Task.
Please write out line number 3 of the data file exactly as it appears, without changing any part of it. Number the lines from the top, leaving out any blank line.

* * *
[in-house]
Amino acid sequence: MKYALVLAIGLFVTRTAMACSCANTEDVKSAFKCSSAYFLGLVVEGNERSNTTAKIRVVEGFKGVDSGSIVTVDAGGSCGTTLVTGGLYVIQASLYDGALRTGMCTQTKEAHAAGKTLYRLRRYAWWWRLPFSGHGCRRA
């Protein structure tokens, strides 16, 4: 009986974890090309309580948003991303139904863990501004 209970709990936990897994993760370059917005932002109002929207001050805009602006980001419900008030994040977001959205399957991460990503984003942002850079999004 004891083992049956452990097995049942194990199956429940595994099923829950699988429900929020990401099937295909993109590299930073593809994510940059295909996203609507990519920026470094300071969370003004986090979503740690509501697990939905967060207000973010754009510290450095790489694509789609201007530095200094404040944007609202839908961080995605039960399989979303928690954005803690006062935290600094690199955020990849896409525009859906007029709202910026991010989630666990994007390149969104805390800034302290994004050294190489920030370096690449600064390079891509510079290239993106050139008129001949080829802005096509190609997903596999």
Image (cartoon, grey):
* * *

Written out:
């Protein structure tokens, strides 16, 4: 009986974890090309309580948003991303139904863990501004 209970709990936990897994993760370059917005932002109002929207001050805009602006980001419900008030994040977001959205399957991460990503984003942002850079999004 004891083992049956452990097995049942194990199956429940595994099923829950699988429900929020990401099937295909993109590299930073593809994510940059295909996203609507990519920026470094300071969370003004986090979503740690509501697990939905967060207000973010754009510290450095790489694509789609201007530095200094404040944007609202839908961080995605039960399989979303928690954005803690006062935290600094690199955020990849896409525009859906007029709202910026991010989630666990994007390149969104805390800034302290994004050294190489920030370096690449600064390079891509510079290239993106050139008129001949080829802005096509190609997903596999």